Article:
Steve Durbin is Chief Executive of Information Security Forum. He is a frequent speaker on the Board’s role in cybersecurity and technology.
With the world embracing hyper-connectivity, businesses intensifying their digitization efforts and consumers entering a new realm of augmented reality like the metaverse, it’s not hard to imagine cybercrime becoming more insidious.
Cybercrime breaks new records every year, and 2022, in all likelihood, won’t be any different. In 2022, organizations must stay vigilant against these four pervasive cyber threats:
Ransomware will increasingly hold businesses hostage as organizations of all sizes, governments, critical infrastructure and supply chains become more frequently targeted by organized crime syndicates and state-sponsored cybercriminals. The inability to put fuel in your car from last year’s Colonial Pipeline attack, the sudden crunch in food supply from the world’s largest meat producer JBS, large electrical outages and even death are consequences of our new reliance on digitization.
Edge Computing And 5G
Edge computing (as opposed to centralized computing) is increasingly becoming a popular and attractive architectural choice for many businesses. Cloud computing and the move to push the processing of data closer to users where it’s needed can deliver higher levels of agility and effectiveness. However, this also expands the attack surface as it creates numerous points of failure across the organization.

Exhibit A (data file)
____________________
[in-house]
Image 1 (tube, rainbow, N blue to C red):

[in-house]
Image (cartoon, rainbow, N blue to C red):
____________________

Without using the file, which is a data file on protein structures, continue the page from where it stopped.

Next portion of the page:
The emergence of 5G (higher internet through-put and pervasive connectivity) will lead to the massive adoption of IoT (Internet of Things), IIoT (Industrial Internet of Things), internet-enabled OT (Operational Technology) devices and millions of IoT-enabled services (like connected cars, medical devices, public services, etc.). This in turn will create tens of billions of hackable devices or entry points for attackers to exploit.
The Never Normal
The “never normal” is really about organizations finding themselves in a new and constantly shifting world, having to revisit established technologies, policies and procedures around emerging cyber risks and elastic changes in the threat surface. Security teams will need to take a much more holistic view on how a business manages and uses information, designing security from the ground up and making real-time changes in their strategy as the threat surface evolves. Vulnerabilities like log4j or Solarwinds should force organizations into reassessing their security processes and security policies immediately. Security teams that fail to take heed to such cybersecurity warnings can subject their organizations to terrible consequences.
The Emerging Digital Divide
The growth in e-commerce, remote working, online services and virtual human interactions will widen the digital gap and worsen societal fractures. From a security standpoint, different parts of the world are at different stages of digital maturity and therefore a vanilla-flavored security approach to managing global corporate assets may no longer work. Cybersecurity design must take into account the differences in skills and capabilities, infrastructure, geopolitics and regulations, as these can not only impede the progress of digital inclusivity but also leave gaping holes in a company’s overall cybersecurity posture.